In addition to this, one woman had informed police that Barry was odd and had owned air rifles. Over a month after being interviewed he was arrested on suspicion of murdering the presenter. Three days later he was charged with this offence and on 2nd July 2001 he was found guilty by a majority of 10 – 1 verdict.
Despite having his appeals dismissed at the Court of Appeal and the House of Lords there was a large amount of information, much of which the jury never heard and some of which the appeal judges misinterpreted, to prove that beyond doubt Barry George had no involvement in causing Miss Dando’s death.
At Barry’s trial the jury were told that George was a loner who had an obsession with firearms and the victim. It transpired that he was in possession of gun magazines and some books on the subject of firearms. These all dated to the 1980s. Barry had joined the Territorial Army in 1981, but he left the following year after failing his basic training. He attempted to join a gun club in 1982, but he was refused membership because he could not find a suitable referee for his application.
As far as his ‘obsession’ with Miss Dando, there was very little evidence to suggest that he had any interest in her. Barry George was the type of man who enjoyed sharing his interests with people. He found it impossible to keep his interests and hobbies to himself and talked of them with great enthusiasm.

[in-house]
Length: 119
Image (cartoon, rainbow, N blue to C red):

It was said by investigators that the killer would have had “an unhealthy interest in Jill Dando and more importantly it is unlikely to have been kept a secret.” However, no one had confirmed that Barry had ever mentioned the woman he allegedly killed. he had taken thousands of photographs of women and television presenters. However, none of these were of Miss Dando yet the jury was never told this. Barry collected newspapers: the police found over eight hundred newspapers in his flat. In all of these only eight articles were found which referred to Miss Dando.
Is it the case that eight articles from eight hundred newspapers indicates ‘compelling’ evidence of an obsession or could it be their presence was purely coincidental? It must be remembered that Miss Dando was in the media frequently, especially when her engagement was announced. If Barry George had evidence of an obsession then, with his incredibly untidy flat, he would have been unable to find and remove them. An obsessed man would have clear signs of an obsession. he did not.
The particle of alleged Firearms Discharge Residue (FDR) found in the pocket of one of Barry’s jackets, was seen to be compelling proof of his guilt. The particle matched those found on the victim inasmuch as they were composed of the same elements. This means that the particle in the jacket came from a source of powder that was of the same type as that used in the cartridge used in the murder weapon. It does not at all prove that the particle came from the murder weapon. The possibility that the particle had come from a blank firing gun, or even a firework, could not be ruled out.